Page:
131 F3d 625 Cincinnati Insurance Co v. Flanders Electric Motor Service Inc

131 F.3d 625

39 Fed.R.Serv.3d 454, 28 Envtl. L. Rep. 20,339


No. 96-2778.

United States Court of Appeals,
Seventh Circuit.

Argued March 26, 1997.
Decided Dec. 4, 1997.

Karl L. Mulvaney (argued), Martha S. Hollingsworth, Julia Elizabeth Dimick, Bingham, Summers, Welsh & Spilman, Indianapolis, IN, for Plaintiff-Appellee.

Bruce D. Ryder (argued), Joseph G. Nassif, Linda W. Tape, St. Louis, MO, for Defendant-Appellant.

Before PELL, KANNE and DIANE P. WOOD, Circuit Judges.

KANNE, Circuit Judge.

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Flanders Motor Service, Inc. sells and repairs motors and other equipment at its facility in Evansville, Indiana. During a seventeen year period from 1971 to 1988, Flanders sent several electrical transformers in need of repair to the Missouri Electric Works ("MEW") in Cape Girardeau, Missouri. On at least two occasions those transformers may have contained fluids contaminated with PCBs. Sometime in the mid 1980's an investigation revealed substantial PCB contamination of the soil at the MEW site. The Environmental Protection Agency ("EPA") concluded that leaks from oil drums and transformers over a twenty year period were the source of the contamination. As a result, the EPA notified Flanders and some 600 other businesses that they were potentially responsible for investigation and remediation costs incurred at the MEW site pursuant to the Comprehensive Environmental Response, Compensation, and Liability Act of 1980.


Flanders had one general liability insurance policy and two umbrella policies with Cincinnati Insurance Company ("Cincinnati") covering property damage claims for specified periods. In September of 1989, Flanders notified Cincinnati of Flanders' status as a potentially responsible party for environmental contamination at the MEW site. Flanders asserted that under the three policies issued by Cincinnati, Cincinnati was obligated to defend and indemnify Flanders against any property damage claim arising from the pollution at the MEW site. Each of the three insurance policies at issue contained an identical pollution exclusion clause. Under the terms of the pollution exclusion clause, the policies did not provide coverage for property damage arising from pollution unless the release of pollutants could be characterized as "sudden or accidental."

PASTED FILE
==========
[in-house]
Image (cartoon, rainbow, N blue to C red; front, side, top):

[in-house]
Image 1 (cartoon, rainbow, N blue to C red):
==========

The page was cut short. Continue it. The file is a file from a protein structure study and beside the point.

Cincinnati denied coverage to Flanders on the insurance policies and filed a declaratory judgment action in federal district court on November 14, 1991, asking the court to support its decision to deny Flanders coverage. On August 7, 1992, Cincinnati filed a motion for summary judgment arguing that Flanders' insurance policies provided no coverage for claims arising from the MEW site due to the pollution exclusion "sudden and accidental" clause. On October 20, 1993, the district court granted Cincinnati's summary judgment motion, holding that the phrase "sudden and accidental" in the pollution exclusion clause was clear and unambiguous and precluded coverage for the type of gradual property damage alleged. Flanders filed a motion to reconsider the court's declaratory judgment and that motion was denied.


Flanders appealed the district court's decision to this Court1 and oral argument was held on April 12, 1994. On September 2, 1994, while the Flanders' case was under advisement, the Supreme Court of Indiana agreed to hear a direct appeal of a case involving issues quite similar to those presented to us. Specifically, the Indiana Supreme Court was asked in American States Ins. Co. v. Kiger, 662 N.E.2d 945 (Ind.1996), to determine whether under Indiana law an insurance policy's "sudden and accidental" pollution exclusion clause was ambiguous and should be interpreted to mean "unexpected" and "unintended."


Shortly after the Indiana Supreme Court agreed to hear the Kiger case, Flanders filed with us a Motion for Stay of Proceedings based on the pendency of the Kiger decision. We denied Flanders' motion and ten days later, on November 7, 1994, we affirmed the district court's declaratory judgment. Cincinnati Ins. Co. v. Flanders Elec. Motor Serv., Inc., 40 F.3d 146 (7th Cir.1994) ("Cincinnati I"). Noting that this case "presents a question of Indiana law that to date has not been addressed by the Indiana Supreme Court," id. at 150, we held that "if the Indiana Supreme Court were presented with this question, it would conclude that the term 'sudden,' as it is used [in the policies] is unambiguous" and the language of the policies would exclude the type of pollution for which Flanders sought coverage. Id. at 154.